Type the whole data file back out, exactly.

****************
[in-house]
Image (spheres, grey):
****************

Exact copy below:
[in-house]
Image (spheres, grey):